January 11, 2016

Jeb Bush allies hit Marco Rubio on immigration


Marco Rubio is cast as an immigration flip-flopper in the latest TV ad by Right to Rise USA, the super PAC backing Jeb Bush for president.

The 30-second spot, titled "Vane," features a figure of Rubio, smiling and wearing a suit and tie, as an animated weather vane atop a barn, pointing his arm sometimes "East" and sometimes "West."

"He ran for saying he opposed amnesty, then he flipped, and worked with liberal Chuck Schumer to co-author the path to citizenship bill," a narrator says. "He threatened to vote against it, and then voted for it. He supported his own Dream Act, and then he abandoned it. Marco Rubio, just another Washington poltiician you can't trust."

Fall leaves swirl in front of a bucolic, rural setting (Iowa!), and then a train roars by: "Jeb Bush: He's a leader, so you always know where he stands." It makes no mention of where Bush actually stands: He supports the eventual legalization for immigrants in the country illegally, and at one point also backed citizenship (but doesn't now).

Rubio made a point to talk about his immigration stance in a Miami rally Sunday.

The ad will air beginning Monday night in Iowa, South Carolina and on Fox News nationally, according to Right to Rise.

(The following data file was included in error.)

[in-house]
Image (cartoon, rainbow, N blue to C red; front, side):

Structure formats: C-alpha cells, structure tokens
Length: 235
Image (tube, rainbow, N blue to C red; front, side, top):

Obama's broken promise on path to citizenship

President Barack Obama's promise to create a path to citizenship for illegal immigrants has faced a major roadblock due to resistance in Congress.

He took steps on his own to give temporary status to certain illegal immigrants, but he has not gone as far as providing a path to citizenship.

During his 2008 campaign, Obama promised to support support "a system that allows undocumented immigrants who are in good standing to pay a fine, learn English, and go to the back of the line for the opportunity to become citizens."

In 2012, Obama announced Deferred Action for Childhood Arrivals, which gives temporary status for undocumented immigrants who came to the country as children. Almost 700,000 have been approved for DACA and about 443,000 have renewed their two-year deferral. But this program does not provide permanent lawful status to applicants.

Keep reading about Obama's promise from PolitiFact's Obameter.

Marco Rubio on his immigration stance: 'None of this is anti-immigrant'